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1.
PLoS One ; 19(2): e0295394, 2024.
Artigo em Inglês | MEDLINE | ID: mdl-38422041

RESUMO

Using qualitative interview data (n = 142 interviews) generated with 50 nurses, over the course of the COVID-19 pandemic, this paper traces the trajectories of nurses in the UK and attempts to unpick the interplay between structure and agency in their narratives. Interviews were inductively analysed for themes and an additional narrative analysis was undertaken to preserve the form of each participant's narrative. We argue that nurses' pandemic trajectories occurred within the 'psychological vulnerability-stigma nexus' which operates within health and social care providers in the UK and whilst constraining nurses' agency at times it could also provide an impetus to act agentically. We found that the nurses' COVID-19 trajectories were characterised by: getting by, getting out (job-hopping) getting needs met and getting organised. We call for more considered systemic support to be generated and consistently provided to nurses to ensure retention of nurses and the security of society to avoid exacerbating existing workforce shortages.


Assuntos
COVID-19 , Humanos , COVID-19/epidemiologia , Pandemias , Confiabilidade dos Dados , Junções Comunicantes , Reino Unido/epidemiologia
2.
JAC Antimicrob Resist ; 6(1): dlae020, 2024 Feb.
Artigo em Inglês | MEDLINE | ID: mdl-38343626

RESUMO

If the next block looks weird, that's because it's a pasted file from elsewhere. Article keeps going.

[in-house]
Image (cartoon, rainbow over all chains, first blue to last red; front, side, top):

Background: Non-allergist-delivered penicillin allergy de-labelling (PADL) is supported by UK and other national guidelines but is not yet routine practice in UK hospitals. Those who have undergone PADL report high rates of acceptance, but it is unknown why some continue to avoid penicillin, and why some decline testing. Objectives: To explore the experiences of patients recently approached for penicillin allergy (penA) assessment and de-label by non-allergists in a UK hospital to determine the barriers and enablers to patient acceptance of PADL. Methods: Qualitative study using semi-structured interviews with patients who were penA assessed and de-labelled during an inpatient stay between November 2022 and January 2023. Thematic analysis was used to analyse the data. Results: Nineteen patients were interviewed. Patients were largely unaware of the negative impact of penA on their healthcare. Patients had differing views on challenging their penA status while they were acutely unwell, some agreeing that it is the right time to test and others not. Patients declined testing because they felt they were at higher potential risk because they were older or had multiple comorbidities. Some patients who declined testing felt they would have been persuaded if they had received a better explanation of the risks and benefits of PADL. Conclusions: Patients who were successfully de-labelled were positive about the experience. Those who declined testing did so for a variety of reasons including frailty/comorbidities or a fear of testing whilst unwell. Patients highlighted the importance of good communication about the personalized risks and benefits of testing.